The top medical device companies in the world made more than $542.6 million in general payments to physicians and hospitals in 2018, according to an analysis of Medical Design & Outsourcing‘s Big 100 and CMS Open Payments data.
Zimmer Biomet topped the list with $109.4 million in general payments* to physicians and teaching hospitals in 2018. Of that number, 23,982 physicians received $72.5 million and 364 hospitals received $36.9 million. Those payments were 1.3% of its annual revenue.
“You have a few types of payments. Doctors being trained on the use of a device or attending a learning session would be a standard type of arrangement. Those costs would be smaller. The larger issue is the consulting and speaking fees,” Madris Tomes, founder and CEO of Device Events, told MassDevice. “If a physician is accepting payments for presenting and endorsing a product, that is a higher level of involvement than someone who is learning. Another type of payment I learned of is a donation of an expensive piece of medical equipment that is made to a teaching hospital. Companies donate MRI machines, robotic surgery devices, etc. in order to get physicians to learn on their devices. The assumption is that they would grow in their career and perhaps recommend purchasing those devices in the future.”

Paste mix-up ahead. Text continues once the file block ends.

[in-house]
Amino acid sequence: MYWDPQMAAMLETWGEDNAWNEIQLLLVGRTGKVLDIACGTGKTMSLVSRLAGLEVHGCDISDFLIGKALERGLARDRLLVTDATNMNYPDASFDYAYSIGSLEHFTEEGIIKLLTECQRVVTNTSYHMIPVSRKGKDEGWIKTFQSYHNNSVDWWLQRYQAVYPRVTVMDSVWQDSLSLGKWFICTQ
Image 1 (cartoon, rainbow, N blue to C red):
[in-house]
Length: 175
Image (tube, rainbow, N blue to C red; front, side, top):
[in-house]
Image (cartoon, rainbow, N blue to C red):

Here is a breakdown of how each company divvied up its general payments to physicians and teaching hospitals. Hover over each category for more information about payment types.
* General payments to physicians and teaching hospitals are payments that are not associated with research studies. Each payment is broken up into different categories, including royalty or license, consulting fee, travel and lodging, food and beverage, education, gift and compensation for services other than consulting, including serving as faculty or as a speaker at a venue. Each percentage shows how much of the total contribution went toward each payment type. ↩